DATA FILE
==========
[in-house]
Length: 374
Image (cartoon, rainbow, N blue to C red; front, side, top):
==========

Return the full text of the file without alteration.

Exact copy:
[in-house]
Length: 374
Image (cartoon, rainbow, N blue to C red; front, side, top):